The Epic 2ZZ-GE: Toyota’s Yamaha-Developed Four-Cylinder Supercharged by Lotus

Toyota  2ZZ-GE Engine 9 photos
Photo: Morio on WikiMedia Commons
Toyota  2ZZ-GE EngineToyota Celica GT-SToyota Celica GT-SToyota Celica T-Sport (UK Spec)Toyota Celica T-Sport (UK Spec)Lotus Exige S
Aiming to create a performance-oriented engine that would be smaller, lighter, and efficient enough to be relevant in the era of downsizing, Toyota enlisted Yamaha's help to create the iconic 2ZZ-GE. It was so good that Lotus "borrowed" the unit, fitted it with a supercharger, and turned it into a fire-breathing monster.
In the late 1990s, the auto industry began to shift its focus to smaller, fuel-efficient engines. At the beginning of this downsizing era, Toyota’s lineup included performance cars such as the legendary A80 Supra, which saw sales declining and was eventually pulled out from North American markets by 1998.

Another performance car that was getting ready for a major makeover was the MR2. The third-gen appeared in prototype guise at the 1997 Tokyo Motor Show, and by 1999, it was released in Japan. It was lighter than its predecessor but featured a tamed, 1.8-liter inline-four.

This engine was part of the ZZ family introduced in 1997, Toyota’s first four-cylinder units built on a much lighter all-aluminum block after decades of using a cast iron unit.

While the first iteration of this family, the 1ZZ, was built with fuel economy in mind, it was limited in terms of power delivery.

Toyota  2ZZ\-GE Engine
Photo: Morio on WikiMedia Commons
In 1999, Toyota engineers began developing the 2ZZ, and to make sure it would be able to serve as the powerplant for the company’s more performance-oriented models, they enlisted the help of Yamaha to design a new cylinder head.

Coupled with a lightweight rotating engine assembly which featured forged steel connecting rods, redesigned pistons, higher compression ratio, and the innovative dual camshaft VVTL-i (Variable Valve Timing and Lift intelligent) system that could adjust valve lift, duration, and timing, the newly created 2ZZ-GE was capable of easily withstanding high revs, close to its redline.

The engine was used on many Toyota models, the most popular of them being the performance variants of the seventh-generation Celica.

Toyota Celica GT\-S
Photo: Toyota Motor Company
In the U.S., that Celica model was called GT-S, a 180-hp (134-kW) thrill machine that could accelerate from 0 to 60 mph (96 kph) in 6.2 seconds.

On the Old Continent, the performance model was called TS and produced 9 additional hp, while in Japan, the SS-II Celica’s 2ZZ-GE made 187 of them.

For the first few years of production, the engine gained a bad reputation for its failing lift bolts that didn’t damage the engine but exponentially decreased its performance. Fortunately, Toyota redesigned the bolts in 2002.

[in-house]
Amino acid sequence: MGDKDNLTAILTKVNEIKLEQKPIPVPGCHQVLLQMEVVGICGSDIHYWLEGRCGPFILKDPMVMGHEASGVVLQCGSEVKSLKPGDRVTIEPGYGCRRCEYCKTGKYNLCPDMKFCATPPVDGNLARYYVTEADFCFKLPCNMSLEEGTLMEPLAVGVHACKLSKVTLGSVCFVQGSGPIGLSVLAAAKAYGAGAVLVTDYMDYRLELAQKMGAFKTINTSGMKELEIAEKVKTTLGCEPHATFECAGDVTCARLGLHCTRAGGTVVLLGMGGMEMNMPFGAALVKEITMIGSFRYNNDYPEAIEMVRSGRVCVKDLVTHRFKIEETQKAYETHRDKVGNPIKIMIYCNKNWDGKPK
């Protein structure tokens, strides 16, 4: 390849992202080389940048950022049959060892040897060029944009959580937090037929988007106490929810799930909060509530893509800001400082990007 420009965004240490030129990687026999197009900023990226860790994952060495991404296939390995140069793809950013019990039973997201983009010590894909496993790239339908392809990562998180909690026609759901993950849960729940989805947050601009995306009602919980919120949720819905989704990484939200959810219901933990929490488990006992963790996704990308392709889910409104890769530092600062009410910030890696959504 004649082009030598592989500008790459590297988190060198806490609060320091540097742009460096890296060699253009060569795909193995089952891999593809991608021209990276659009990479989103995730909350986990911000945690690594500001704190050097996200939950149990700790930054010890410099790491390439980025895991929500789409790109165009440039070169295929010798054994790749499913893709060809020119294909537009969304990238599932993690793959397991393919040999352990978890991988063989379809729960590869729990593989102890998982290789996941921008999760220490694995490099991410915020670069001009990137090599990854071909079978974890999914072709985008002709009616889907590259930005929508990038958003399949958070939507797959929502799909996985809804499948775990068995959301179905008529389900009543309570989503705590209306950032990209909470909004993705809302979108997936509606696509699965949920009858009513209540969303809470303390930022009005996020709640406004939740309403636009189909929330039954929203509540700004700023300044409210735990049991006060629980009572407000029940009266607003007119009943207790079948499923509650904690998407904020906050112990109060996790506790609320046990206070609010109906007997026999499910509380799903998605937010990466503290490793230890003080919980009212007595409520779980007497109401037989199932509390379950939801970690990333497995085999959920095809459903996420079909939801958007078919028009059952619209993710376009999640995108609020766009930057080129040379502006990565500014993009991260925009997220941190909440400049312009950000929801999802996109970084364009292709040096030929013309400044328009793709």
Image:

Overall, the engine was so good and lightweight that Lotus ended up using it for its sports cars. What contributed to that decision was the fact that the aging Rover K-series that powered its previous model was no longer emission-compliant in Europe and the US.

Thus, the newer Elise Series 2 models, the Exige Series 2, and even the 2-Eleven track weapon ended up having a Japanese heart. The latter model, along with the Exige S launched in 2006, got a supercharged and intercooled variant of the 2ZZ-GE, which took power well above 200 hp.

Photo: Lotus Cars Limited
While that may not seem much, don't forget that Lotus is famous for creating lightweight machines, so that much power on cars that weigh under 2,200 lbs (1,000 kg) resulted in supercar-killing power to weight ratios.

For those who want to tune it, this engine is not as upgradable as other famous Toyota units, but that's not necessarily a bad thing.

More power can be obtained from a 2ZZ-GE, following in the footsteps of Lotus, by slapping a supercharger and an intercooler onto it. Thanks to its stock forged internals, it doesn’t need to be disassembled and tinkered with in any other way if it’s in a good state.

Toyota has built some epic engines throughout the years, and its collaboration with Yamaha in the late nineties gave birth to one of its most rabid four-cylinders.

The 2ZZ-GE will be remembered as an example of engine downsizing done right since the Japanese automaker managed to build a smaller, lighter, and more efficient power plant without sacrificing the sporty nature of its previous performance-oriented engines.
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About the author: Vlad Radu
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Vlad's first car was custom coach built: an exotic he made out of wood, cardboard and a borrowed steering wheel at the age of five. Combining his previous experience in writing and car dealership years, his articles focus in depth on special cars of past and present times.
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